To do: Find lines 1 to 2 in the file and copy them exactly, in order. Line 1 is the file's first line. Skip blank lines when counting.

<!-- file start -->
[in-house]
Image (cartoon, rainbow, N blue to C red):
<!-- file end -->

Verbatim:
[in-house]
Image (cartoon, rainbow, N blue to C red):